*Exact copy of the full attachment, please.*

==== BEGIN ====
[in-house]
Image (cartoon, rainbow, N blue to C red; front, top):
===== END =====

[in-house]
Image (cartoon, rainbow, N blue to C red; front, top):